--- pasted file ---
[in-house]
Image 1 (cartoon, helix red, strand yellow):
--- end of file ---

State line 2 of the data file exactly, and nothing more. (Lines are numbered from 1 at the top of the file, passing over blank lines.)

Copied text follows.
Image 1 (cartoon, helix red, strand yellow):